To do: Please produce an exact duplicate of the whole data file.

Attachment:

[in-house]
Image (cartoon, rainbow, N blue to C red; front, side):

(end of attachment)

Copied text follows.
[in-house]
Image (cartoon, rainbow, N blue to C red; front, side):